HOUSTONRicks Cabaret of San Antonio must hand over the names and arbitration agreements of exotic dancers who might belong to a collective-action lawsuit against the adult entertainment club, an appeals court ruled Friday. The 5th U.S. Court of Appeals, in a blow to Ricks Cabaret, decided that the identifying and agreement information that a plaintiff requested in her suit against the nightclub will help determine which dancers are bound by valid arbitration agreements and who are therefore unable to receive notice of the action. The plaintiff, a former dancer at the San Antonio club, sought records of other dancers dating back to July 2016 in her pursuit of claims against the club. In her original suit, the plaintiff claimed that the clubs ownership had actual knowledge that for at least the past 20 years that exotic dancers like plaintiff and other exotic dancers at Ricks Cabaret were employees and not independent contractors and were owed minimum wage compensation under the Fair Labor Standards Act (FLSA). In Fridays unpublished ruling, the 5th Circuit said: We grant the petition for a writ of mandamus as to the order regarding production of evidence on whether similar claims had been presented for arbitration and related outcomes. The appeals court, however, noted that Ricks Cabaret didnt have to produce information related to prior arbitrations. Anne Kramer, an attorney with Boston-based Lichten & Liss-Riordan who represents a former exotic dancer in a similar FLSA case against at 4Play gentlemens club in West Los Angeles, told AVN that the misclassification suits have a common theme: Dancers are central to the gentlemens clubs business model, and the clubs would not exist without them. Across the U.S., since 2005, more than 430 misclassification lawsuits have been filed against adult entertainment operators. By classifying them as independent contractors, the clubs profit from the presence of the dancers, while denying them minimum wage and overtime compensation, requiring them to pay a multitude of fees and tip-outs, and depriving them of the protections offered to employees, which are particularly important during the current pandemic, Kramer said. In the Ricks Cabaret case, the former dancer filed a demand for arbitration as part of her initial independent contractor agreement with the American Arbitration Association alleging FLSA violations, which was ultimately dismissed. Later, she filed an FLSA collective-action complaint in federal court, alleging FLSA violations on behalf of herself and other similarly situated Ricks Cabaret dancers who worked without compensation and paid $50 kickbacks per shift. In the claim, the former dancer filed a motion to conditionally certify the FLSA collective and for notice to potential plaintiffs, which could number in the hundreds over four years time. Ricks Cabaret of San Antonio is part of RCI Hospitality Holdings Inc.s network of clubs. RCI Hospitality operates more than 40 clubs in New York, Miami, Charlotte, Dallas, Chicago, Pittsburgh, Houston, Minneapolis, St. Louis and other markets under brand names such as Rick’s Cabaret, XTC, Club Onyx, Vivid Cabaret, Jaguars, Tootsie’s Cabaret and Scarlett’s Cabaret. Calls to RCI Hospitality for comment on the 5th Circuit ruling went unreturned by AVN at post time. In separate RCI Hospitality news, Adam D. Wyden, the sole principal of ADW Capital Management LLC, took a stake in the adult entertainment company. Last month, according to an SEC filing, the New York investor acquired 457,000 shares of RCI Hospitality common stock, which was trading at $15.37 a share on the Nasdaq today.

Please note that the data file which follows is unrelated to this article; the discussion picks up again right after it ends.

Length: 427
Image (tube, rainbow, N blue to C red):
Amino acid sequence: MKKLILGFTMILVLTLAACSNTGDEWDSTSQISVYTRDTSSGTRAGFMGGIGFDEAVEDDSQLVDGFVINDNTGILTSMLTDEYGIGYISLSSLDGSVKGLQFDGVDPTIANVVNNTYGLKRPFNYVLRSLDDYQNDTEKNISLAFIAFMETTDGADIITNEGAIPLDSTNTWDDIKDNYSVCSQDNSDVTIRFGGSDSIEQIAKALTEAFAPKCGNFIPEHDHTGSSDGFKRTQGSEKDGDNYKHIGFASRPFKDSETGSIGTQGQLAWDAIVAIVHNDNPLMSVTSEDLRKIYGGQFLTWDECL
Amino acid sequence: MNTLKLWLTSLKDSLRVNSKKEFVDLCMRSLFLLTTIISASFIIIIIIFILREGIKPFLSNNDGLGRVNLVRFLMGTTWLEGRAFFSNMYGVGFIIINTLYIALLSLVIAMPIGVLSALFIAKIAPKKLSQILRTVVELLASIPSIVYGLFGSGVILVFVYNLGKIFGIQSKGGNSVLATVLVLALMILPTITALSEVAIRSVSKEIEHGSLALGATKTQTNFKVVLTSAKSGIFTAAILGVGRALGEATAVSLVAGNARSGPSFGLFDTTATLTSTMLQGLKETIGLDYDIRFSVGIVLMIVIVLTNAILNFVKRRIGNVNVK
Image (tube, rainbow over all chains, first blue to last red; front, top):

written by: Rhett Pardon